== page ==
SlumLord88 - Funeral Music

Harold Stallworth is still spending bitcoins from ‘88.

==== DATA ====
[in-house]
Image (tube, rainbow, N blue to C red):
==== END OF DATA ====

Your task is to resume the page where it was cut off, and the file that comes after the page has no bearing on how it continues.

What kind of music can you imagine being played at your very own funeral? It’s a morbid question, to be sure, but one that Chicagoan bedroom producer SlumLord88 aims to answer with his latest beat tape, Funeral Music. Presumably, the title is indebted to a 50 Cent record of the same name, which was born out of G-Unit’s short-lived feud with Cam’ron in 2007. But Slum isn’t in the business of burying rap careers. Funeral Music is a dark, hazy celebration of death—a hip-hop second-line parade, where the glutted banks of Slum’s SP-303 stand in place of sousaphones and parasols and marching snare drums. And like so many worthwhile beat tapes, it leaves you with the bittersweet regret that the bulk of its tracks weren’t entrusted to your favorite rappers. Throughout the length of the tape, Slum teases with the prospect of pairing his lo-fi excursions with some of the most distinct and distinguished voices in black music: Billy Danze, Guilty Simpson, Prodigy, Nas and even Prince, among others, appear by way of fragmented acapella punch-ins, often several couplets at a time. Their jarring vocals help to break up the inherent monotony of sample-based instrumentalism while also advancing Slum’s grim narrative, giving new meaning to the phrase “hip-hop is dead.”

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